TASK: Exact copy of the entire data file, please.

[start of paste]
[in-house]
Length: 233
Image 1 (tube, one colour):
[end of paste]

[in-house]
Length: 233
Image 1 (tube, one colour):